I think talking about the dinner itself is a good place to commence. We’ll be taking a look at this from primarily an English perspective. More specifically, for the upper class. Dinner was a very formal meal. You could say it was regarded as the most important meal. There were instances of women taking the time to change clothes specifically for dinner. Men would also prepare themselves for dinner but would usually take less time than women. It was important especially for the young to dress well, for if they were single, these dinners might lead to courtship. Dessert after the dinner was considered less formal than the dinner itself. Each house had its own set time for dinner and the hours would vary. When having guests, the dinner would commence once the Lady of the house would request the most prominent woman guest to bring the other ladies to the table. Going off of this cue, the Master of the house would do the same for the men. The host and hostess would seat themselves first. The Master would sit at the foot of the table, and the Lady would sit at the head. After this, the most senior Lady would pick her place at the table, once she sat, the other guests were free to pick their spots. However, it was more socially acceptable to place oneself regarding social rank. During the first half of the Century, guests were expected to bring their own flatware, but that custom was disregarded during the second half of the century. Forks would be placed on the left, and the spoons with the knives would be placed on the right. You would not eat with a fork. The fork was reserved for holding meat in place while you cut it. The knives were broad at the time and did not come to a point. You would place your food on your knife and consume it using that utensil. When the dinner knives lost their point at the end, we began to see the beginnings of toothpicks. An interesting piece regarding napkins as they were in use in the early part of the century. However, they fell out of favor for the English, being viewed as too French. Dinner guests were thus expected to wipe their mouths with the table cloth instead. An interesting thing of note is once the guests were seated, the plates were not yet on the table. Kitchens were typical further away from the dining table, so once they reached the table they were typically lukewarm. The plates were kept near a fire or specialty warmers while the food arrived. Plates were then placed in front of the guests, so the plate could act as a vessel to reheat the food. The wine or beer glasses were kept chilled with ice brought from an ice house. We can infer that if they were using ice to chill their glasses, it was a symbol of status. Ice was expensive, so if you could afford to use some, it was a subtle way to flaunt your wealth. The wealthy would eat off of porcelain plates among the other dishes, and they were typically white with a blue pattern upon them. Centerpieces were also common, and they could be a multitude of things, such as sugar sculptures. These centerpieces could have been used as a topic of conversation. Servants would handle the food and dishes on the table. The dinner would be served in multiple corses. How each course was arranged on the table was an art in and of itself, and there were books dedicated to the topic. Typically there would be two courses and dessert. Each course could contain anywhere from five to around twenty-five dishes. As a guest, you were not expected to try something from every dish. The layout would typically be as follows with some variation: Meat dishes in the middle of the table, sides would be on the corners, soup would be placed at one end, and fish at the other. The meal would begin with the guests being served soup. Wine would be served with the meal. If you wished to take a drink, there was a sort of ritual to it. If a guest wished to take a drink they first had to make eye contact with another guest and raise your glass. Once the person you made eye contact with raises their glass, you may take a sip. However, you then must wait for someone to make eye contact with you and raise a glass before you can take another sip during the dinner. Each guest would eat from two to three dishes per course. The amounts they took were at their discretion. If a guest wanted something from across the table, they would have a servant retrieve it for them. Once the first course was complete, the dishes would be removed from the table. A new tablecloth, plates, and flatware were brought forth to the guests. The second course would consist of lighter foods, yes there were meats, but there was also jellies and tarts. You could view the second corse as a bridge between the first and the dessert. Though other beverages were sometimes available such as beer or ale, wine was preferred. Port and sherry were popular. I would like to note, you may find wine called sac, but sac was the equivalent of sweet sherry.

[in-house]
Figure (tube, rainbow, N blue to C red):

After the second course finished, the tablecloth would be removed and not replaced. Desserts would consist of small cakes, dried fruits, candied fruit and the like. The Gentleman attending would drink port typically, and the ladies would consume a sweet wine. The dinner rules relaxed once dessert was served. You no longer had to make eye contact with another to drink, you could simply drink. Other formalities such as seating went away with dessert. Guests could rearrange themselves to sit however they wished. The topics of conversation became more relaxed as more coarse topics were now allowed to be discussed. A curious rule regarding relieving oneself was present. It was considered rude to leave the table during the actual dinner if you felt as though you had to use the bathroom. To accommodate this, a chamberpot was kept off to the side of the room for guests to use, so they could relieve themselves without breaking the flow of conversation. The dinner itself would last about two hours. Once the meal was complete, a glass of wine was served to each guest. When everyone had finished this glass of wine, the hostess would stand and a servant would open the doors. The ladies would follow their hostess out of the dining room and into the drawing-room. The gentleman would remain in the dining room drinking and conversing with one another. Now we’re going to take a short break, and when we come back, we’ll take a look at some of the foods served and the preparation of the dinner parties. We’ll be right back.